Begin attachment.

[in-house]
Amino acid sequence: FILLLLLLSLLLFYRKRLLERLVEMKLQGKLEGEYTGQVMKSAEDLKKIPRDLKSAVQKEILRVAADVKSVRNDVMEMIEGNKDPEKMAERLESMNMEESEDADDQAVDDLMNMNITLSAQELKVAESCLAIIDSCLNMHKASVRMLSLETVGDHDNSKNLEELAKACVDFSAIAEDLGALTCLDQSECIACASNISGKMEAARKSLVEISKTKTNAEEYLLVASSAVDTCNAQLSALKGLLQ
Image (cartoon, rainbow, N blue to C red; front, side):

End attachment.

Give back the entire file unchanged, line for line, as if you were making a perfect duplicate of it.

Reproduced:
[in-house]
Amino acid sequence: FILLLLLLSLLLFYRKRLLERLVEMKLQGKLEGEYTGQVMKSAEDLKKIPRDLKSAVQKEILRVAADVKSVRNDVMEMIEGNKDPEKMAERLESMNMEESEDADDQAVDDLMNMNITLSAQELKVAESCLAIIDSCLNMHKASVRMLSLETVGDHDNSKNLEELAKACVDFSAIAEDLGALTCLDQSECIACASNISGKMEAARKSLVEISKTKTNAEEYLLVASSAVDTCNAQLSALKGLLQ
Image (cartoon, rainbow, N blue to C red; front, side):